Hawaii Six O - Gary Wagner
Small Carrots And Big Sticks
Kitco Commentaries | Opinions, Ideas and Markets Talk
Featuring views and opinions written by market professionals, not staff journalists.
As was widely expected, yesterday President Trump made good on his word to implement an additional $200 billion in tariffs on Chinese goods imported into the United States. In response to his action, the Chinese government added tariffs on $60 billion of U.S. imports. It seems, at least for now, both governments are using big sticks with no carrots in sight.
One major wildcard that was not anticipated was the fact that President Trump levied tariffs at a rate of 10%, rather than 25%. Although President Trump plans to ramp up tariffs to 25% by the end of 2018, initially tariffs levied will begin at 10%. This move seemed to avert major concern, resulting in a strong upside move in U.S. equities with only mild gains in the U.S. dollar and slight losses in gold and silver.
Just after 4 PM Eastern standard time, gold is trading marginally lower with the most active December Comex contract currently down $2.90 and fixed at $1,202.90. Spot gold is exhibiting the same drawdown and currently fixed at $1,197.90, after subtracting a $3.20 decline on the day.
According to the KGX (Kitco Gold Index), today’s marginal decline of $3.20 contains selling pressure which results in a decrease of $1.75 with dollar strength accounting for the remaining $1.45.
With the current trade dispute quickly transforming into a trade war, market sentiment was tepid in terms of a knee-jerk reaction. Because it is widely believed that the United States has less to lose from the current dispute, recent actions have been favorable to the U.S. dollar, and it had a real negative impact on the Chinese Yuan, as well as gold and silver prices.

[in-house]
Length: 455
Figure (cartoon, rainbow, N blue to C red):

Although the dispute continues to provide dynamic headwinds for precious metals pricing, today’s selloff in gold and silver were muted at best. It seems as though the market has largely factored in the current trade crisis.
China’s retaliation resulted in a tirade of Trump tweets in which the U.S. president warned China against retaliatory action toward U.S. farmers in the industry by saying, “we will immediately pursue phase three, which is tariffs on approximately 267 billion of additional imports.”
It seems likely that the current trade dispute will get worse before it gets better. Even though President Trump said that “the United States may make a deal at some point with China” and that the United States is always open to talking, it seems at least for now that both countries will continue to use their arsenal of big sticks with no carrots in sight.
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Wishing you as always, good trading,